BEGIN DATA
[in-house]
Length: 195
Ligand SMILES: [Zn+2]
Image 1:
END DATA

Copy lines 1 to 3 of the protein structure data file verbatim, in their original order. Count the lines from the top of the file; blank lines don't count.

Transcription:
[in-house]
Length: 195
Ligand SMILES: [Zn+2]